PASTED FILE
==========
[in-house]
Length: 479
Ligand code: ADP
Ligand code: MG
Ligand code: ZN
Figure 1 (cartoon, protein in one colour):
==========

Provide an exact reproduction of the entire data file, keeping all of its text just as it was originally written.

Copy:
[in-house]
Length: 479
Ligand code: ADP
Ligand code: MG
Ligand code: ZN
Figure 1 (cartoon, protein in one colour):